If it came down to a straight choice between Waddle and Gascoigne as playmaker, there was a good case for dropping Gascoigne, whose last two performances for England have been poor, and whose form for Lazio of late has seen him substituted time and again. No chance. Taylor said: 'I've been watching Chris since the start of the season, not just in the last two weeks. People made a lot of the fact that I saw him play at Oldham, but I saw him at Manchester City, at home to Tottenham and at Aston Villa as well. I feel I have a good picture of Chris Waddle this season.'

The audience remained sceptical. Was there a personality clash, wondered the newspaper which last year had Waddle accusing Taylor of setting back England's development by five years? That little 'misunderstanding' had been resolved to mutual satisfaction, the manager said. 'When Chris returned from Marseille, I went out of my way to go and see Chris and say to him: 'If you've got anything to complain about, tell me to my face. Don't let's be reading about these things in the papers.' If there was any clearing up to be done, it was done a long time ago.'

Glenn Hoddle, undervalued in the Eighties, was an obvious analogy, and one Taylor did nothing to contradict. 'There will always be somebody not in the England team who people think should be,' he said. 'Invariably it will be a skilful player. I don't see the situation as anything new. If Chris was in, it would be somebody else.'

Under what circumstances would he have Waddle back? 'I would do it if I felt Chris could come in and add something to the team without it losing anything. Those circumstances can arise.'

Taylor's tactical reasoning is sound. Waddle and Gascoigne both need to be at the hub of things to be effective, and two chiefs for 11 indians would seem to be excessive. Logic, however, dictates that if Waddle is not in the 11 he should certainly be in the 16 - let alone the 22. The real answer probably lies in the manager's intention to create his own team, to which end he has pensioned off the Bobby Robson inheritance, bit by bit.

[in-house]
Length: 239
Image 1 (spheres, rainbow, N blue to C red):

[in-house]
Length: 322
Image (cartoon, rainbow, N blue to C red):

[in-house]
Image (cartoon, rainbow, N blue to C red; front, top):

Waddle is not the only casualty. Similar calls for the reinstatement of Peter Beardsley have gone unheeded, Paul Parker has lost out to Barrett and Mark Hateley is forgotten, despite a prolific season with Rangers. Of yesterday's four promotions, only Winterburn has a realistic chance of playing, Arsenal's left-back owing the chance of a first appearance in the starting line-up, at Andy Sinton's expense, to the injuries which again removed Stuart Pearce and Tony Dorigo from contention. Sheringham, like the unlucky Warhurst last time, is in because he is 'hot', and Taylor wants to 'have a look at him' at close quarters.

Waddle is even hotter, but in his case 160 miles would seem to be close enough.


WORLD CUP Group Two qualifier v the Netherlands, Wembley, 28 April: Woods (Sheffield Wednesday), Seaman (Arsenal); Dixon, Winterburn, Adams (all Arsenal), Bardsley (Queen's Park Rangers), Barrett (Aston Villa), Walker (Sampdoria), Pallister, Ince, Sharpe (all Manchester United), Platt (Juventus), Steven (Rangers), Palmer (Sheffield Wednesday), Gascoigne (Lazio), Barnes (Liverpool), Sinton, Ferdinand (both Queen's Park Rangers), Wright, Merson (both Arsenal), Clough (Nottingham Forest), Sheringham (Tottenham). Stand- by players: Martyn (Crystal Palace); Burrows (Liverpool), Jobson (Oldham), Deane (Sheffield United).

(Photograph omitted)